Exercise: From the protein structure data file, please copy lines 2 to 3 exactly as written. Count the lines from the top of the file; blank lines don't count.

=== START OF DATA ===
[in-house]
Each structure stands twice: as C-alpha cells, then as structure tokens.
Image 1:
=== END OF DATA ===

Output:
Each structure stands twice: as C-alpha cells, then as structure tokens.
Image 1: